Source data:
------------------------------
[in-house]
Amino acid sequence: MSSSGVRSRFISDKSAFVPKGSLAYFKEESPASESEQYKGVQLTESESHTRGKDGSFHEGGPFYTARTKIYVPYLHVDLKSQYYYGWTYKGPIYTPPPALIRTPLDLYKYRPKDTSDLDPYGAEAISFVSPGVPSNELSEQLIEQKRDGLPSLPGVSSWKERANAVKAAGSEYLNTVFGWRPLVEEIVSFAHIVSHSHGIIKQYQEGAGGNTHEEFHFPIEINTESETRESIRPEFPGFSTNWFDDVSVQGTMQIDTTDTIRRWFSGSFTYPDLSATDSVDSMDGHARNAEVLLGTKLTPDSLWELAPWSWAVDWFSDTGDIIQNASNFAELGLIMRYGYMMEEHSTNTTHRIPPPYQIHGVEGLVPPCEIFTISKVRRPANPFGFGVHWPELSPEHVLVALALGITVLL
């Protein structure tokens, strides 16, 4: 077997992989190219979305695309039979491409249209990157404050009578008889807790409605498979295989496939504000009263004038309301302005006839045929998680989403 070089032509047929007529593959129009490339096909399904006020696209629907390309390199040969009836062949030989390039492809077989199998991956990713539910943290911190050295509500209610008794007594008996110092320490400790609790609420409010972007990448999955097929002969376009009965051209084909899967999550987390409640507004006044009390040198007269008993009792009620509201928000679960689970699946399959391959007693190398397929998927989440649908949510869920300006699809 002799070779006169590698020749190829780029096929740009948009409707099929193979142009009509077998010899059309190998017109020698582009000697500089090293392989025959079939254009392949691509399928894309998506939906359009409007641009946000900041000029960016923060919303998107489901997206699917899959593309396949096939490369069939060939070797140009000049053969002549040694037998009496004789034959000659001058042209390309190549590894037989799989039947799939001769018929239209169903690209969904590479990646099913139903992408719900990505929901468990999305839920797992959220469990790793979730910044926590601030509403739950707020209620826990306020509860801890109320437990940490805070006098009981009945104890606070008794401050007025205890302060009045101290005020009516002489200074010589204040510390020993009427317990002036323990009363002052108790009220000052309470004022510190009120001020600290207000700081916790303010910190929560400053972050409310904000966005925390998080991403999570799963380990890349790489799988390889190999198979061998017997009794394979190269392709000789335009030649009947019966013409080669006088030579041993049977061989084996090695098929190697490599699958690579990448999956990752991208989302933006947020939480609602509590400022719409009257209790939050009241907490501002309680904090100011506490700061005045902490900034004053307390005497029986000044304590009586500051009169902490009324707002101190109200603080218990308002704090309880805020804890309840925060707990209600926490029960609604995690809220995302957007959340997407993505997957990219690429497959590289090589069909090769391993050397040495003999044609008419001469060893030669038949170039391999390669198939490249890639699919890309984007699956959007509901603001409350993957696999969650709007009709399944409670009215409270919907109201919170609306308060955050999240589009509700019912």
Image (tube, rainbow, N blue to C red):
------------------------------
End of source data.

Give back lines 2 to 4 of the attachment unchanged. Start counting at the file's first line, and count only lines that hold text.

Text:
Amino acid sequence: MSSSGVRSRFISDKSAFVPKGSLAYFKEESPASESEQYKGVQLTESESHTRGKDGSFHEGGPFYTARTKIYVPYLHVDLKSQYYYGWTYKGPIYTPPPALIRTPLDLYKYRPKDTSDLDPYGAEAISFVSPGVPSNELSEQLIEQKRDGLPSLPGVSSWKERANAVKAAGSEYLNTVFGWRPLVEEIVSFAHIVSHSHGIIKQYQEGAGGNTHEEFHFPIEINTESETRESIRPEFPGFSTNWFDDVSVQGTMQIDTTDTIRRWFSGSFTYPDLSATDSVDSMDGHARNAEVLLGTKLTPDSLWELAPWSWAVDWFSDTGDIIQNASNFAELGLIMRYGYMMEEHSTNTTHRIPPPYQIHGVEGLVPPCEIFTISKVRRPANPFGFGVHWPELSPEHVLVALALGITVLL
């Protein structure tokens, strides 16, 4: 077997992989190219979305695309039979491409249209990157404050009578008889807790409605498979295989496939504000009263004038309301302005006839045929998680989403 070089032509047929007529593959129009490339096909399904006020696209629907390309390199040969009836062949030989390039492809077989199998991956990713539910943290911190050295509500209610008794007594008996110092320490400790609790609420409010972007990448999955097929002969376009009965051209084909899967999550987390409640507004006044009390040198007269008993009792009620509201928000679960689970699946399959391959007693190398397929998927989440649908949510869920300006699809 002799070779006169590698020749190829780029096929740009948009409707099929193979142009009509077998010899059309190998017109020698582009000697500089090293392989025959079939254009392949691509399928894309998506939906359009409007641009946000900041000029960016923060919303998107489901997206699917899959593309396949096939490369069939060939070797140009000049053969002549040694037998009496004789034959000659001058042209390309190549590894037989799989039947799939001769018929239209169903690209969904590479990646099913139903992408719900990505929901468990999305839920797992959220469990790793979730910044926590601030509403739950707020209620826990306020509860801890109320437990940490805070006098009981009945104890606070008794401050007025205890302060009045101290005020009516002489200074010589204040510390020993009427317990002036323990009363002052108790009220000052309470004022510190009120001020600290207000700081916790303010910190929560400053972050409310904000966005925390998080991403999570799963380990890349790489799988390889190999198979061998017997009794394979190269392709000789335009030649009947019966013409080669006088030579041993049977061989084996090695098929190697490599699958690579990448999956990752991208989302933006947020939480609602509590400022719409009257209790939050009241907490501002309680904090100011506490700061005045902490900034004053307390005497029986000044304590009586500051009169902490009324707002101190109200603080218990308002704090309880805020804890309840925060707990209600926490029960609604995690809220995302957007959340997407993505997957990219690429497959590289090589069909090769391993050397040495003999044609008419001469060893030669038949170039391999390669198939490249890639699919890309984007699956959007509901603001409350993957696999969650709007009709399944409670009215409270919907109201919170609306308060955050999240589009509700019912």
Image (tube, rainbow, N blue to C red):